City of Flagstaff
The city of Flagstaff will enter Stage One fire restrictions at 8 a.m. on May 14, 2021 in an effort to reduce the potential for unintentional human-caused wildfires within the city limits.
Stage One restrictions include the following:
- No permits are issued for open burning within the city.
- Use of charcoal and pellet barbecue grills are prohibited in all city parks, city open space and natural areas, and all private campgrounds in city limits.
- No smoking at Thorpe Park, McMillan Mesa Park, McPherson Park, Buffalo Park, Disc Golf Courses, Flagstaff Urban Trail System (FUTS), Observatory Mesa or Picture Canyon Natural Area.
- Open fire pits and open flame devices (such as chimeneas) are prohibited (even those with a spark arrestor screen) within city limits.
- The sale or use of consumer-grade fireworks within the city is prohibited
Coconino National Forest
As of 8 a.m. May 14th, the Coconino National Forest is in Stage I campfire and smoking restrictions.
It was announced earlier this week that key criteria have been met for the forest to enter restrictions. This decision was made in an effort to protect public health by reducing the number of preventable human-caused wildfires.
Under Stage 1 restrictions, fires, campfires, charcoal, coal and wood stoves are prohibited, except within a developed recreation site. Smoking is also prohibited, except within an enclosed vehicle, building or a developed recreation site.
Using a device that is solely fueled by liquid petroleum or LPG fuels that can be turned on and off is allowed in areas that are barren or cleared of all overhead and surrounding flammable materials within three feet of the device. Fireworks are always prohibited on all national forest lands.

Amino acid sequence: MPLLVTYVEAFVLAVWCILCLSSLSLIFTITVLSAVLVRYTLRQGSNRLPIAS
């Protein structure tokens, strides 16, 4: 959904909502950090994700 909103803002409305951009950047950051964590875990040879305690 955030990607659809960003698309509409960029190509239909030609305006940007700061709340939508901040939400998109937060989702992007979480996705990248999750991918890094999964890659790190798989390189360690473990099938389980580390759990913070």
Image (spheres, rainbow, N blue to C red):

Fire restrictions are implemented to help prevent unwanted, human-caused fires and to limit the exposure of visitors during periods of potentially dangerous fire conditions.
Implementation of fire restrictions normally occurs based on a combination of factors that are carefully measured. Criteria used to determine when to implement restrictions include things such as current and predicted weather, fuel moisture, fire activity levels and available firefighting resources.
Additional restrictions may be applied as conditions warrant. More information about the different stages of fire restrictions can be found online. Fire restrictions typically remain in effect until the forests receive significant precipitation, at which time they will be rescinded, and the public notified.
Forest officials would also like to remind visitors that having a campfire on the national forest while under fire restrictions is a violation that can carry a mandatory appearance in federal court. Visitors should use extra caution when recreating on all public lands during fire season.
Know Before You Go! The public can obtain current state and federal fire restrictions information across Arizona on the Arizona Interagency Wildfire Prevention and Information website.